a town about 30 minutes from Sana'a where it was decided by Sabri that we would eat breakfast, and wait to meet one of Sabri's friends who would be accompanying us on the rest of the trip. We stopped at a place which looked pretty questionable to us, as far as what it might do to our stomachs later, but there wasn't really anything else around, and Sabri informed us that this is where he always stops, so that helped with our confidence. The seating area was no more than a raised, open air platform attached to a building, which you can see in the picture. The yellowish, square platform is where a man sat and chopped pieces of raw meat, which you would then get from him, take to another person behind a large firey grill, and have him cook for you. Then you sit down at a table while your meat is cooked with spices and maybe a few vegetables, and wait for it to be delivered. When you get your food, you eat the meat with pieces of bread that you tear off from one large piece of bread that is shared by everyone you eat with.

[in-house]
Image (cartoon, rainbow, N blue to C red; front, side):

Everyone eats from the
same pan and there are no personal plates to be had. Oh and you might have noticed the calves that were tied up in front of the restaurant...well, those are what the raw meat was. When they run out of meat, which they did towards the end of our meal, they take one over to to the side and kill it, right there by the road. Not for the faint of heart, but that is about as fresh as it gets (which apparently in countries like Yemen and other developing countries is a good thing). Once we got over the fact that what we were eating was standing in front of the restaurant only that morning, the food was delicious! In addition to the meat, we had "fuul" a typical Yemeni dish of kidney beans and spices that we used the bread to eat as well. All of this made for quite the interesting breakfast, but I would definitely do it again.

Kim and I at the restaurant, next to the raw meat...